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Sonata Arctica – Replacing the Blank File

By: David E. Gehlke

Blistering.com: With the fast songs and per the whole “challenging yourself” idea, how quickly do you think you could spit out an album comprised of all fast songs?

Hmmm…I don’t know [laughs]. Hard to say. I always try to challenge myself and when I was writing those songs back in the day, I was trying really hard. When I was arranging them, I always tried to come up with some twist or turn, or something unexpected. It always takes time, and it’s not always easy. I think about if I just sat down and started writing, I’d have about eight songs in a week. I’d think if I did that, I could write at least one song per day. I should actually try that – good idea!

Blistering.com: I won’t take any credit for it, Tony.

Yeah, I don’t think it would be released [laughs]. There’s bound to be some good ideas in there [laughs]. I could strip down all of unnecessary shit and take all the good parts and make one fantastic song.

Blistering.com: If you go back to the Ecliptica days, you had so many words to cram in per each song. With the new one, there’s seems to be a few focused ideas, which work really well.

I enjoy writing stories. The more lyrics and the more twists and turns you can put in the lyrics, the better for me. That of course, is a nightmare when trying to do it live [laughs]. You have two or three pages of lyrics you have to remember. Somehow we always managed, but then another problem is I never gave myself any room to breathe. I’d sing a line, then gasp for air, then start again [laughs]. With this album, I tried to be as simple as possible, and rock albums don’t necessarily have ten pages of lyrical content. It’s something people can sing after you hear it a few times.

Blistering.com: Speaking of the old Ecliptica days, what do you remember most about that time? That’s when Stratovarius were immensely popular, and you were compared to them rather frequently.

We were kids. We were really excited about the whole thing, like we got to go into the studio and someone else was paying for it. Of course, the band always pays in the end [laughs]. But still, we didn’t have to make our own down payment. And writing songs that we knew would be released someday, which was a dream come true. When it was released, it started selling like butter…it was fantastic and something we couldn’t understand. The same day when the masters of the album arrived and the record label was there and said, “Oh, you have some support dates coming up.” And we were thinking someone like Helloween was coming to Helsinki was coming, but he said, “It’s seven weeks with Stratovarius.” I was like, “Jesus fucking Christ!” I almost crapped myself [laughs].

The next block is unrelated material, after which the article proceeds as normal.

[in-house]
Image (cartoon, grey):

It proved to be a great tour. It was our first time outside of Scandinavia. Seven weeks on a bus with Rhapsody, opening for Stratovarius and becoming friends with those guys. We had a dream start. I would happily give such a great start for any starting band.

Blistering.com: What kind of things did you learn from Stratovarius?

We did see them on 60 shows that year. That was one thing – seeing your idols onstage, doing big things, so you learn from that. Then of course, we’d talk to the guys as well about the business, especially Jorg [Michael, drums]. He wanted to know what we did and wanted to take care of us so we wouldn’t be doomed at such an early age and not put our names on paper. We learned a hell of a lot, and we owe them a hell of a lot. It’s safe to say that I probably wouldn’t be talking with you if there wasn’t Stratovarius at some point. I might be in a reggae band…who knows [laughs].

Blistering.com: We were talking about social media earlier in regards to “Shitload of Money,” but you were ahead of the game with “Blank File,” which you released in 1999. Did it ever dawn on you that were at least, slightly prophetic with how strong of an influence computers would have on the world?

Yeah, on the last tour I realized that. We put “Blank File,” in the setlist and it was about Facebook. I had a vision of how things would be in the future [laughs]. Now that we’re in the future, it’s not as horrendously bad, although people are being really bad about their privacy. If you upload your family pictures online somewhere, even if you think you’ve erased them from the server, they’re still there. “Blank File” is all about that. I saw it happening…I’m a Nostradamus [laughs].

Blistering.com: I’m trying to think about how the Internet was in the late 90’s. It was predominantly email, so how did that topic strike you early on?

I didn’t consider computers per se at the time. I had a computer, but I wasn’t spending much time online. I had to dial through a phone modem [laughs]. It wasn’t quite as fancy as today. The starting point was all of the phone cards we had at the time, and when you’re shopping on the concord, someone knew what you bought. I found that somehow, disturbing. It’s great to realize that after so long, your songs are still valid. Maybe not in the original sense, but still important.

Blistering.com: Finally, any plans for North America?

Not this year. Right now, we’re getting ready for summer festivals in Finland, then mainland Europe touring starts. Sometime next year, in the first half of it, we’ll come back to North America.



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